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Dr. Robert E. Belford
Spring 2011 ConfChem: Case-Based Studies in Chemical Education
Paper 1: May 6-12---“What’s Next for Case Study Teaching in Science?” Clyde Freeman Herreid, University at Buffalo
Abstract: Case study teaching in undergraduate science courses began 20 years ago. Today thousands of K-16 teachers are using the method and there are major websites that post hundreds of case studies and teaching notes in all STEM disciplines, especially the biological sciences. It is a puzzle why more chemists and other physical scientists have not embraced the method, since there is strong evidence that it is superior to the traditional lecture approach. But since there are over a dozen different methods of case teaching, which variation is the best surely depends upon an instructor’s goals. In this paper I pose a possible way to test the relative efficacy of different methods. Also, I examine possible ways that STEM instructors can move from the lecture mode (which arguably has the lowest learning retention) to active learning methods, especially those using cooperative learning. Here in the coming weeks in this online ChemConf. we will hear from converts to the case study method and learn of their approaches and concerns.
Paper 2: May 13-19----“Organic Growth: Putting ‘Real Life’ into Organic Chemistry Courses” Frank J. Dinan, Canisius College
Abstract: Many students taking a two-semester introductory course in organic chemistry today are not chemistry majors. Often they are taking that course only because it is a requirement for admission to a professional school in one of the health sciences. Without significant help from their instructor, it is difficult for many of these students to appreciate the importance of the seemingly abstract content of organic chemistry to their future careers. The introduction of a few well-chosen case studies into this introductory course helps to deal with this problem. Case studies demonstrate how the seemingly abstract course content can be applied to real-world problems and effectively enhance student understanding and interest. A number of organic chemistry oriented case studies are described here that are designed to accomplish these ends.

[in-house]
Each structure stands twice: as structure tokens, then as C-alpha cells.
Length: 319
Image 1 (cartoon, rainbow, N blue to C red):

Paper 3: May 20-26----“The Use of Case Studies in an Introductory Biochemistry Course” Kathleen Cornely, Providence College
Abstract: Case study exercises in an introductory biochemistry course can be used to help students master the content of the course while at the same time help students build critical thinking and problem-solving skills. Case studies can be used in a variety of forms: (1) as in-class group activities, to either augment or replace content covered in lecture, (2) as homework assignments, completed either individually or in groups, to assess mastery of content and (3) as exam questions, to assess the students’ ability to apply their biochemistry knowledge to a larger context and to discourage rote memorization. Scientific journals as well as articles in the popular press provide rich sources of case study material. A "directed" case study approach allows the instructor to focus student attention on the key content areas that the instructor wishes to cover, doing so in a manner that is interesting and engaging to the students.
Paper 4: May 27-June 2---“You Call That A (Chemistry) Case?" Christa Colyer, Wake Forest University